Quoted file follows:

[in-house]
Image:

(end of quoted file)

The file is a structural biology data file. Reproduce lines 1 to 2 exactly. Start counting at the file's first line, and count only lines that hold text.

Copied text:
[in-house]
Image: